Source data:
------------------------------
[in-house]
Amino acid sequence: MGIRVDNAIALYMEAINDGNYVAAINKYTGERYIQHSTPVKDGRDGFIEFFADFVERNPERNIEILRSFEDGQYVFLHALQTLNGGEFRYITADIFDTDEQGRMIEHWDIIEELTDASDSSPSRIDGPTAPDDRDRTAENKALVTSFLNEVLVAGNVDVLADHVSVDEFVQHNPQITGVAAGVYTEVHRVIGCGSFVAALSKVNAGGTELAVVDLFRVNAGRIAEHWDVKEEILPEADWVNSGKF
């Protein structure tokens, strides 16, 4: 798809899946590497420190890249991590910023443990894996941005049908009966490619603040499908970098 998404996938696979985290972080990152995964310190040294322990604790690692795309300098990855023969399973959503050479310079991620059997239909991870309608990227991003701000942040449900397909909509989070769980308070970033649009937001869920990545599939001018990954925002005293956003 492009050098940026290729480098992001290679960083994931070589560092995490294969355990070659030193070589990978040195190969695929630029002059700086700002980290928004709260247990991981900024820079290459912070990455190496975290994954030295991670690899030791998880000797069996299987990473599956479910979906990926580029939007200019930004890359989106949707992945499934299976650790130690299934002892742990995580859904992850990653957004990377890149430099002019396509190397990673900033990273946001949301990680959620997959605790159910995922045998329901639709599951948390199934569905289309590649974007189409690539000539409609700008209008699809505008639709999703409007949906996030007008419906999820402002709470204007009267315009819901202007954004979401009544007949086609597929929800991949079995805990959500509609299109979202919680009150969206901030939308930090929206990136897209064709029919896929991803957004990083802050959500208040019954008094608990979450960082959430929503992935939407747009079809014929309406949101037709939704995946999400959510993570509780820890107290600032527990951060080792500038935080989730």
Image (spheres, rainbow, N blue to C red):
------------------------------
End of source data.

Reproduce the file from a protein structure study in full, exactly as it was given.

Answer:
[in-house]
Amino acid sequence: MGIRVDNAIALYMEAINDGNYVAAINKYTGERYIQHSTPVKDGRDGFIEFFADFVERNPERNIEILRSFEDGQYVFLHALQTLNGGEFRYITADIFDTDEQGRMIEHWDIIEELTDASDSSPSRIDGPTAPDDRDRTAENKALVTSFLNEVLVAGNVDVLADHVSVDEFVQHNPQITGVAAGVYTEVHRVIGCGSFVAALSKVNAGGTELAVVDLFRVNAGRIAEHWDVKEEILPEADWVNSGKF
């Protein structure tokens, strides 16, 4: 798809899946590497420190890249991590910023443990894996941005049908009966490619603040499908970098 998404996938696979985290972080990152995964310190040294322990604790690692795309300098990855023969399973959503050479310079991620059997239909991870309608990227991003701000942040449900397909909509989070769980308070970033649009937001869920990545599939001018990954925002005293956003 492009050098940026290729480098992001290679960083994931070589560092995490294969355990070659030193070589990978040195190969695929630029002059700086700002980290928004709260247990991981900024820079290459912070990455190496975290994954030295991670690899030791998880000797069996299987990473599956479910979906990926580029939007200019930004890359989106949707992945499934299976650790130690299934002892742990995580859904992850990653957004990377890149430099002019396509190397990673900033990273946001949301990680959620997959605790159910995922045998329901639709599951948390199934569905289309590649974007189409690539000539409609700008209008699809505008639709999703409007949906996030007008419906999820402002709470204007009267315009819901202007954004979401009544007949086609597929929800991949079995805990959500509609299109979202919680009150969206901030939308930090929206990136897209064709029919896929991803957004990083802050959500208040019954008094608990979450960082959430929503992935939407747009079809014929309406949101037709939704995946999400959510993570509780820890107290600032527990951060080792500038935080989730």
Image (spheres, rainbow, N blue to C red):